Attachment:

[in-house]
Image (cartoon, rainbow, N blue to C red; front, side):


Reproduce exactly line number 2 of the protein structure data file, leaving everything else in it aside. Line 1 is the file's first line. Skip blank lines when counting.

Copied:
Image (cartoon, rainbow, N blue to C red; front, side):